The Wyoming Game and Fish Department is starting the process to rework its elk feedground management plan. The first step is a public comment period.
For the past couple of years, Game and Fish has grappled with Chronic Wasting Disease (CWD), a neurological disease that is deadly to deer, elk and moose. A public process looking at CWD management resulted with the need to examine the management of the 22 elk feedgrounds in northwest Wyoming.
Game and Fish’s Mark Gocke in the Jackson and Pinedale regions, said the management plan not only looks at wildlife diseases, but also damaged private property and the prevention of commingling of livestock and elk. He said these initial meetings are educational.
“[We will] really try and lay out for people as best we can, why we're doing what we're doing, how we got here, and why we continue to use supplemental feeding of elk in the wintertime as a management practice,” said Gocke. “And Brucellosis, of course, is a big driving factor in keeping elk away from cattle.”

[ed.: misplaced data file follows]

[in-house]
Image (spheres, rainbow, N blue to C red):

Brad Hovinga, the regional wildlife supervisor for the Jackson region, said this is the beginning of a multi-year process.
“The next phase we'll move into will be more of a public collaboration phase, we're not sure exactly what that looks like yet, a lot of that is yet to be determined by phase one,” said Hovinga. “So phase one will determine what sort of process we use to go forward and collaborate with the public on the future of silk feed grounds in Wyoming.”
The meetings may fill up, but a recording of them will be posted online. The first of the four virtual meetings will be Tuesday, December 1 and the last one will be on Thursday, December 3. To sign up for a meeting and more information on elk feedgrounds click here.